Tuesday, December 25, 2012

Being Born Again Daily: Christmas Every Day

"We are waiting for the liturgical feast of Christmas. Coming to the end of the year, wearied and somewhat depleted, we find consolation in the coming feast." With these words a priest, also a philosophy professor, begins his article, in the With Bible magazine, on the world's greatest story.   Those who are not Christian, he says, often have the same feelings we Christians have. Hannah Arendt a Jew and a philosopher  also had these feelings.

A student of Martin Heidegger and Carl Jaspers, she fled to the States during the Nazi period in Germany. Her book, The Human Condition, influenced many during the second half of the 20th century, particularly the chapter on action. She begins the chapter with the words of Isak Dinesen, the author of Babette's Feast, "All sorrows can be borne if you put them in a story or tell a story about them."

Arendt says that the power of the story comes when we finally disclose in narrative form who we are by noting our actions and words. When we become conscious of our life in this way, as recounted in our actions and words, we can begin to see our life as part of the fabric of the society we live in. Realizing that our lives are individual stories enacted between a birth and a death, we understand and pass on our stories, says Arendt, by acknowledging our weaknesses and our inability to foresee the future. However, within this imperfect reality, we nevertheless must act and speak.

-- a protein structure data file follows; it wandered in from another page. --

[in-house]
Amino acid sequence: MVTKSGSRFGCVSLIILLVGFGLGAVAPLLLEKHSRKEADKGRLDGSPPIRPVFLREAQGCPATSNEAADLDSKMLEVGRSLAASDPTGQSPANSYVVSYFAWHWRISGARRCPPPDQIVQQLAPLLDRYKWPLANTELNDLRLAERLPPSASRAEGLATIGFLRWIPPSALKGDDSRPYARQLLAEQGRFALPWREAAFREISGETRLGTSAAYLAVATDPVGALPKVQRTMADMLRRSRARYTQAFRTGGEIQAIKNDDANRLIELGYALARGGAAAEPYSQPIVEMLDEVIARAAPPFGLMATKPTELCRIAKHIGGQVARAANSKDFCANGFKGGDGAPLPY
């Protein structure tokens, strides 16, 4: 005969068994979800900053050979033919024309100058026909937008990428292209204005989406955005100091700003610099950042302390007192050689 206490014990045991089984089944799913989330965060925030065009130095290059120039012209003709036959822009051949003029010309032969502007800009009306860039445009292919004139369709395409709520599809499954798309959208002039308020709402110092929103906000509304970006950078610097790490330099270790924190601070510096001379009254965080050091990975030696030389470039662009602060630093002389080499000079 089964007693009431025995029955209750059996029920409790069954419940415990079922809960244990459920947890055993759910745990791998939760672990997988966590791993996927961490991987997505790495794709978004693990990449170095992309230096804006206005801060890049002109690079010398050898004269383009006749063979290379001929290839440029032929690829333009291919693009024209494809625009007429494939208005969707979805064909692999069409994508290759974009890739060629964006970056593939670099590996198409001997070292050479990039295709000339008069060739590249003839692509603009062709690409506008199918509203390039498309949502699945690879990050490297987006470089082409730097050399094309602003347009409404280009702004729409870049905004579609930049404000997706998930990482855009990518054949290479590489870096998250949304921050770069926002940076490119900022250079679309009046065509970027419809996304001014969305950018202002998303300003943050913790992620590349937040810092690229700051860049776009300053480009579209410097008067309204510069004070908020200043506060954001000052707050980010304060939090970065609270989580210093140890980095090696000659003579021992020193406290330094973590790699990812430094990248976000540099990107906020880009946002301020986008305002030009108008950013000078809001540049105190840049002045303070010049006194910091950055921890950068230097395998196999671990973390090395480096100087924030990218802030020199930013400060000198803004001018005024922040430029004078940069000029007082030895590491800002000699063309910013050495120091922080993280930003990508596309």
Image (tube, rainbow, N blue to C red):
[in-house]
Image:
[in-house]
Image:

This perception comes from her understanding of the word 'natality.' The professor notes that her idea is the mirror image of what her teacher Heidegger taught: "Being unto death." For Arendt, birth was a new beginning, giving the person trust and hope that even the wisdom of the Greeks was not able to discover, and that Arendt, though not a Christian, was able to comprehend. She ended her reflections on this point with the words: "Humanity in this world has been given trust and hope expressed in the joy that comes with the Christmas story: the birth of a child."

To understand the word 'natality' that Arendt uses, the professor says we must understand her use of the words 'forgiveness' and 'promise.' The past cannot be undone, and we do not know what the future holds for us. Because of our innate weakness--the weakness of a newborn--we become dependent on our willingness to extend forgiveness, both to others and to ourselves. And since we do not know what the future will be, we become dependent on the promise of a better future, which gives us hope to go into that future to "build islands in the big ocean of life." Arendt says it was Jesus who gave us this hope for forgiveness and promise.

We are not born to die but to be reborn into a new beginning. We can know happiness, says Arendt, by using the twin tools of forgiveness and promise. The same good news of the Gospels we try to live daily. Merry Christmas.


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